03 May 2023
HMRC has recently notified agents and affected taxpayers that, due to a low demand for paper filing of self-assessment tax returns, it will no longer automatically issue paper returns by post. HMRC claims that almost 97% of returns are filed online, either using HMRC’s online portal or commercial software. But by removing the automatic issuing of a paper return to those who filed on paper last year, what happens to the 3% of taxpayers who are either unable or unwilling to use the online system?
According to HMRC, there are around 135,000 taxpayers who submit paper returns. This figure includes those who are unable to file online as they are digitally excluded, those who simply prefer to submit a paper return, and a significant number who need to file on paper as the online services portal simply cannot cope with the complexity of their tax calculation and a paper filing is the only way to correctly return the position to HMRC.
Whilst there is not a blanket removal of the ability to file paper returns, the key difference going forwards is that it will be more difficult to obtain a paper return to complete. Alongside the removal of the automatic provision of paper returns, taxpayers will be unable to download a return from HMRC’s website. Taxpayers wishing to file a paper return will now have to call HMRC to request a form.
The further reliance on the HMRC phonelines is likely to concern taxpayers, particularly following the recent HMRC monthly performance reports for January 2023 and February 2023, which show only 60% and 64.7% respectively of calls made to HMRC were handled. Whilst HMRC stresses that online filing is more accurate and quicker, the removal of the option to download a paper return from its website is likely to result in additional calls to the already overstretched phonelines.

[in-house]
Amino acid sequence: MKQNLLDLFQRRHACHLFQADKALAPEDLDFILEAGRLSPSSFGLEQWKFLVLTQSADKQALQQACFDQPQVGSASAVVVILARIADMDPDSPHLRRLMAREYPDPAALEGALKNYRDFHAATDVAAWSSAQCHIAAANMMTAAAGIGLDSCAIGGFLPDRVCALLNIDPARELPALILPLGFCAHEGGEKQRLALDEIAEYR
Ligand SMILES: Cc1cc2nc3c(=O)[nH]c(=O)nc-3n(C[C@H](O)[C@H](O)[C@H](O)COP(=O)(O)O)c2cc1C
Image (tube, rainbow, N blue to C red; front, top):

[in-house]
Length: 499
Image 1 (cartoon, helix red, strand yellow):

The removal of the facility to download a self-assessment tax return from the HMRC website is in direct contrast to the addition of UK property capital gains tax forms to those available to be downloaded. These forms were added in February 2023 to enable the digitally excluded and those who fall within one of the online filing exemptions to obtain the form without needing to call HMRC.
With calls for tax administration to be made simpler, and a likely increase in the number of individuals who will need to file a return as tax rate band thresholds and allowances are reduced or frozen, the restriction of ways in which to access a self-assessment tax return seems ill-timed. In particular, it adds potential difficulty for taxpayers within self-assessment for the first time to meet their new obligations.